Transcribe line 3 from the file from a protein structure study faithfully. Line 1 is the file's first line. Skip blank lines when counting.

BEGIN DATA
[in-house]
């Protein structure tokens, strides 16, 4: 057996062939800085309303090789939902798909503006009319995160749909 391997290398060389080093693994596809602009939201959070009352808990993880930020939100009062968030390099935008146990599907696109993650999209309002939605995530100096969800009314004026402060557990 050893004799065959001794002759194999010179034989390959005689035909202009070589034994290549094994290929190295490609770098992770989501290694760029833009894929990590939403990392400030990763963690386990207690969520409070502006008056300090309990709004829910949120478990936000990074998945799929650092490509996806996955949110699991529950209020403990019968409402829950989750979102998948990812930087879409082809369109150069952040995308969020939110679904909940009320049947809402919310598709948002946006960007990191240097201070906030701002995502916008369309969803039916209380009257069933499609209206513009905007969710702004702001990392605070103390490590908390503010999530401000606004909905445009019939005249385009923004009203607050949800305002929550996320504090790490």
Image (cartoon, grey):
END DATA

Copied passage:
Image (cartoon, grey):